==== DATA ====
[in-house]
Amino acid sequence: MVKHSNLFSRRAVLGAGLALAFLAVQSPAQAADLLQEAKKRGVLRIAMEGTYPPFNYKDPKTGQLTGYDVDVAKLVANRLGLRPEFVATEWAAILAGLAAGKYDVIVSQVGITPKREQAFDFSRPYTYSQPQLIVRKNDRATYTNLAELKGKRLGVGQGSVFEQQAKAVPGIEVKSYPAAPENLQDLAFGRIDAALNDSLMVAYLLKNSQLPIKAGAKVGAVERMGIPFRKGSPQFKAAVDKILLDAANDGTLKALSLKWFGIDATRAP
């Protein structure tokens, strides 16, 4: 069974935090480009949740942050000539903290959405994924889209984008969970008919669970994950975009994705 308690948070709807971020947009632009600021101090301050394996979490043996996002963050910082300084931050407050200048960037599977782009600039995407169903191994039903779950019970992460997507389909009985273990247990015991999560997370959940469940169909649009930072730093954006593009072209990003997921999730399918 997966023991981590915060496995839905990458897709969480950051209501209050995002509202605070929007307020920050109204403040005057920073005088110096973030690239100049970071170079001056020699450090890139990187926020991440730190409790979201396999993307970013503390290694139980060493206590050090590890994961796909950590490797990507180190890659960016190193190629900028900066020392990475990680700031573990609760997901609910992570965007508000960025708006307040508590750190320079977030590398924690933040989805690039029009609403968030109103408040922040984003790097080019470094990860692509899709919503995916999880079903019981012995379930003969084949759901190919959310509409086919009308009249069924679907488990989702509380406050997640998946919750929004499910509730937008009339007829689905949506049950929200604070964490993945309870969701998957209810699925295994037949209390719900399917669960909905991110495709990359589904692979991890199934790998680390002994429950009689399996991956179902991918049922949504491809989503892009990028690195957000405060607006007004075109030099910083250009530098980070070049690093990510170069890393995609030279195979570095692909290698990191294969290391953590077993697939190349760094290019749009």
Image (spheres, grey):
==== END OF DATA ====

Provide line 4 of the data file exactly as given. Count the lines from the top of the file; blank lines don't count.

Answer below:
Image (spheres, grey):